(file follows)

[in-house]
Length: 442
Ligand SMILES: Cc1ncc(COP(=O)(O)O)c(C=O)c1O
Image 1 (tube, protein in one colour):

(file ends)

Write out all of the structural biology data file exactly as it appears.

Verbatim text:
[in-house]
Length: 442
Ligand SMILES: Cc1ncc(COP(=O)(O)O)c(C=O)c1O
Image 1 (tube, protein in one colour):